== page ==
23,618 – pretty tough overall

Posted on Categories Daily Cryptic
Solving time : 1h 20
I did just over half of it on a 45 min train journey, finished off at lunch and checked the ‘guesses’ as I wrote this.

I’d say this was harder than average (for me) – it will be interesting to see how others have got on.
Words I didn’t know: LISLE, HABENERA, SOLON, OLID, THROSTLE and the poet DRINKWATER. I think OLID is my favourite of these.

I notice the fourth qualifying puzzle for the The Times Crossword Championship appears this Friday – I think I’ll wait a couple of years before I have a go!


6 [Car]LISLE – I hadn’t heard of this fine fabric before, but was fairly sure it was right given the wordplay.
9 PIPPED(=seeded) AT THE POST(=working on deliveries?) – this took me quite a while – I couldn’t get the phrase ‘in the nets’ out of my mind and couldn’t see where to go with this.
10 T(R)OPIC – hadn’t thought of Cancer or Capricorn in the singular before.
11 H(A BAN[d])ERA – last one to go in for me. I hadn’t come across this Cuban dance before. Hera is a handy goddess to know.
14 KNOT=tonk reversed
16 NEAR – Haven’t checked this but I think NEAR can mean tight as in mean with money.
17 UNF(=anag of fun),AT HOME,D(=deceased)
19 RAINBOWS – young girls can go to Rainbows before Brownies and then Girl Guides.
20 CONRAD; hidden in ‘epic on radio’
24 SO LON[g] – got this from the wordplay but looked up to check the word SOLON – a wise lawgiver.
25 REDRESSED – came after a while – a priest might change habits between services.


1 HO,P IT – house=HO quite a lot when it appears in crosswords.
2 IM,PROVIS(AT)IONAL; I’M + TA(=army) reversed in PROVISIONAL(=temporary). This took a while to get and then longer to suss out the wordplay – I thought at first that soldiers=provisional.
3 SHERIDAN – refers to The School For Scandal, a play by RB Sheridan.
4 [t]OKAY – Tokay is a wine from Hungary (that I know thanks to crosswords).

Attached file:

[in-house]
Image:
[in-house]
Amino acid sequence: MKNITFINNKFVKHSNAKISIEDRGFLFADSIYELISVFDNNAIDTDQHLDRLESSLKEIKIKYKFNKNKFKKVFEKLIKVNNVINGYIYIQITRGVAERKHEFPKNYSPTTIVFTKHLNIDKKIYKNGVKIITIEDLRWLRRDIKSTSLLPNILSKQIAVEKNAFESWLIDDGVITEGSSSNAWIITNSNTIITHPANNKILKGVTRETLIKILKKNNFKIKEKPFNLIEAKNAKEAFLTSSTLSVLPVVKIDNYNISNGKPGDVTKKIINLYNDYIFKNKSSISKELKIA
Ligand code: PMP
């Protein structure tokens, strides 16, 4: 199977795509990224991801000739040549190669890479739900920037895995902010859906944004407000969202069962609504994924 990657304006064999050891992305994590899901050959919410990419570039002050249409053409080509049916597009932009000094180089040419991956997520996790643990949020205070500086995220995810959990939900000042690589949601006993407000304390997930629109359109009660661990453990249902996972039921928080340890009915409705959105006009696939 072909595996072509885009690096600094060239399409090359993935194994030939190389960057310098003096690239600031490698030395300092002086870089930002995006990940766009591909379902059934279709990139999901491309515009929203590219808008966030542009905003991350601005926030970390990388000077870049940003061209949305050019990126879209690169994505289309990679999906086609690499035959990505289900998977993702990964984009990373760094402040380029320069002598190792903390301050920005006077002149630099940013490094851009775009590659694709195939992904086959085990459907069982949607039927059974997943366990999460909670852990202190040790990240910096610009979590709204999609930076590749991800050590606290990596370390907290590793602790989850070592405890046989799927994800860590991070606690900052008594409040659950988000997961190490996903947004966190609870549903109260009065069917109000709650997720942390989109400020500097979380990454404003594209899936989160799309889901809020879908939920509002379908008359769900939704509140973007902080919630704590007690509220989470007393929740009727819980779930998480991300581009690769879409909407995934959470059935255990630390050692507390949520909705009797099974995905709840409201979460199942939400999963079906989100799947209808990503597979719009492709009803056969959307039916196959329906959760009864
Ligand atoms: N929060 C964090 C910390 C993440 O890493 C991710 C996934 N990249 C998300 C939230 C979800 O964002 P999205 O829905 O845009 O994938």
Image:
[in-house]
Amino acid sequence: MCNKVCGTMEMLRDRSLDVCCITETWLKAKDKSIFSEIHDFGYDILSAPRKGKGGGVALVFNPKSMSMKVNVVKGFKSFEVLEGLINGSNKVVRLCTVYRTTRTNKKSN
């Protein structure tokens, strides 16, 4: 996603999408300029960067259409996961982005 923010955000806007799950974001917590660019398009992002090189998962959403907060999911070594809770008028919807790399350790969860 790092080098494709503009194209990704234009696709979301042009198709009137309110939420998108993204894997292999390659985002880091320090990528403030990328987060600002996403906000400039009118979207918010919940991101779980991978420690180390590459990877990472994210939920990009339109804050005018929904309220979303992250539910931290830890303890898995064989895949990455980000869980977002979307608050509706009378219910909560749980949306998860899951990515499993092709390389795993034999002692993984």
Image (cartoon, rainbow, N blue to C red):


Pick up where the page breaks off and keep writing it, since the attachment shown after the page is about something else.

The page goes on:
5 EXTRA-MURAL – extra-mural courses are for those other than full-time members of a university – not sure if they have they their own department.
6 LEE,WAY – General Lee is first try when Lee comes up.
7 SMOKE,AND,MIRRORS – anag of ‘masks error in mod’ – took me quite a while to spot this one.
8 EXTRA,CT,ED – thought of CT=court and ED=journalist and the rest came pretty quickly.
12 DRINK WATER – I hadn’t heard of John Drinkwater – other Dymock poets are much more familiar.
13 CO,N T,RICKS – a rick is a stack of hay.
15 THROSTLE (anag of ‘short let)- both THROSTLE and mavis are names for the song thrush (I knew neither) – just put in the letters in the most sensible way and hoped for the best.
22 OLID – LIDO with O moved to the top. Something is olid if it has a strong, disagreeable smell.

13 comments on “23,618 – pretty tough overall”

  1. I thought this was a pretty good puzzle. As is my wont, I made rapid headway (for me) to begin with, then slowed down, so it was almost an hour before the last cell was filled. I got SOLON immediately, knowing he was one of the Seven Sages, but I wasn’t familiar with KNOT as a bird nor HABANERA nor Mavis as a name for the song thrush. The clue for CONRAD was wonderfully misleading, leading this solver to look for a homophone for a synonym of “epic”. For some time I rejected the idea of an anagram in 23 across because of “very” in the clue, making 16, not 15 letters. Since “funny” on its own is perfectly adequate as an anagrind, “very” seems superfluous to the wordplay.
  2. I thought it was okay though I had to look up several meanings having worked out the words from the clues.